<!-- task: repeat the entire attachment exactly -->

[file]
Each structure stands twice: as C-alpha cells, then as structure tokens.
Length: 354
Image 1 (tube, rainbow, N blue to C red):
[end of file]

Each structure stands twice: as C-alpha cells, then as structure tokens.
Length: 354
Image 1 (tube, rainbow, N blue to C red):